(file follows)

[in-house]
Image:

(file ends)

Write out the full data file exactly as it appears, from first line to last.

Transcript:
[in-house]
Image: